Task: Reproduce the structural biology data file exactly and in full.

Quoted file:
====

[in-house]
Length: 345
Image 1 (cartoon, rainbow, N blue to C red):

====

[in-house]
Length: 345
Image 1 (cartoon, rainbow, N blue to C red):